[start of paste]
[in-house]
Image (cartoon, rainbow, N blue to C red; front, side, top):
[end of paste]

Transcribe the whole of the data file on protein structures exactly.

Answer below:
[in-house]
Image (cartoon, rainbow, N blue to C red; front, side, top):